Gaston Leval in Collectives in the Spanish Revolution, meanwhile described in detail that for up to 18 months in the collectives of Aragón, the wages system and money as a representation of “value”, both crucial components of the social relationship of capitalism, exploitation and alienation, were actually successfully abolished. All produce was held in common stores, which the population had free access too. This whilst everyone was seen to have an equal interest and say in the running of their local community and own lives.
More recent film representations of aspects of this have been acclaimed, including Ken Loach’s, Land and Freedom, and Vicente Anranda’s, Libertarias. It was only when some of the workers’ organisations, notably some in the influential CNT-FAI, felt obliged against their own outlook to take part in the government and then were attacked by the Stalinists and later, nationalists, that the experiments of the social revolution were lost.
One step forward, two steps back
This brings up the question of what has happened in the intervening period between these two events that has gone so wrong with our lives and hopes for the future? Why is it that material improvements for some after the Second World War appear to be in reverse and have been temporary in nature? Why is it in the modern world that we seemingly have to continually fight in an exhausting process of, “One step forward, two steps back”? Why do we read the headlines every morning whilst wanting to run to the nearest toilet? Why do we feel so disempowered?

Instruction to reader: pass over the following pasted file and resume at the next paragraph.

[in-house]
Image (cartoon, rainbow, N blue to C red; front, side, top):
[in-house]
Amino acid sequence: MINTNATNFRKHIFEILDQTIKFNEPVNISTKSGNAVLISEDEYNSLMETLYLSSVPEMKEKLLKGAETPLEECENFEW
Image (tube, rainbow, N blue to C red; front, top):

There appears a race to the bottom, falling rates of profit, wage stagnation, climate change, destruction of nature, weapon proliferation, authoritarian attacks upon basic civil liberties, restrictions on industrial action and protests, ill informed decisions and then endless U turns.
As such, is the present profit system actually the best one possible to ensure the survival and well being of both the human race and other species? Or is there a possible society beyond the current one? One not based upon profit, be it the “free market” variant dominating much of the world, nor the State Capitalist one in China? An alternative where people are not fighting for crumbs, but may get real control of their own lives and not have it dictated to by an old school network of bosses, party bureaucrats, and owners of capital?
Freedom and a sense of responsibility
In 1936, in Spain, many people appear to have believed so and took great strides to bring it about. As Buenaventura Durruti at the time stated, “I believe, as I always have, in freedom. Freedom (for all) which rests upon a sense of responsibility”. And, “We carry a new world here, in our hearts”. In 2021, from rebel workers organising in the “gig economy” in Western Europe, to garment workers, in Bangladesh, some in the so-called developed and developing world maybe beginning to wonder about and struggle for one again.
As activist and writer, Arundhati Roy put it, “Another world is not only possible, she is on her way. On a quiet day, I can hear her breathing.”